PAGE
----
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What Specifically Does a Chapter 7 Bankruptcy Discharge Do?

What Specifically Does a Chapter 7 Bankruptcy Discharge Do?
"""A chapter 7 bankruptcy discharge absolves you of personal liability for discharged debts and prohibits creditors from contacting you, intimidating you, or taking any other action against you in an attempt to collect those debts. The US bankruptcy court estimates that nearly 99 percent of all first-time chapter 7 petitioners receive a discharge, primarily due to their low incomes and high debt ratios. According to Section 4004© of the Bankruptcy Code, most bankruptcies are discharged between sixty and ninety days after the petition is filed and the meeting of creditors is conducted. Thus, the likelihood of being denied a discharge under Chapter 7 bankruptcy is minimal. Among the grounds for which a chapter 7 discharge may NOT be granted are the following:* You did not explain clearly any loss of use of assets. * You failed to show financial records, credit card statements, or other important evidence requested by the bankruptcy trustee. * You failed to appear at the bankruptcy court hearing or the meeting with all creditors. * You fraudulently transferred property to your relatives/family, concealed or destroyed property that would have otherwise become the bankruptcy court's estate under U.S.C. 727; Bankruptcy Rule 40. You made fraudulent statements or assurances while under oath.Be aware that certain states permit creditors to retain rights to property discharged under Chapter 7 bankruptcy. A debtor who wishes to contest such a right must be willing to'reaffirm' the debt, which means they must be willing to make payments on the debt based on a modified repayment schedule with a reduced interest rate and more principal down payment. Let's consider a simple example. You wish to keep your $8,000 automobile after obtaining your chapter 7 bankruptcy discharge. However, most states limit the value of a vehicle to $5,000, so you have an excess value of $3,000 that can be reaffirmed by the creditors. If the creditors wish to retain the rights to $3,000 in order to minimize their losses, the US bankruptcy trustee will ask you to sign a'reaffirmation agreement' under which you will be required to make monthly payments to your creditors on this excess $3,000 value that you wish to retain.In conclusion, a reaffirmation is an agreement between you and the creditor to continue making payments on certain debts after receiving a chapter 7 discharge. In exchange, the creditor guarantees that so long as you continue to make payments, he/she will NOT repossess the asset you wish to retain after filing for bankruptcy. Before a discharge is granted, the reaffirmation agreement must be signed and finalized if you choose to reaffirm a debt. A written agreement to reaffirm the debt must be signed and lodged with the bankruptcy court; if you are not represented by an attorney, the agreement must also be approved by a judge.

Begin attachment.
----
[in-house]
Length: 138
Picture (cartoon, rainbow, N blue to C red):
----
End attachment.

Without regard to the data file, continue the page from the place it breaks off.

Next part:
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"What Specifically Does a Chapter 7 Bankruptcy Discharge Do?" was written by Mary under the Finance / Wealth category. It has been read 150 times and generated 1 comments. The article was created on and updated on 01 June 2023.
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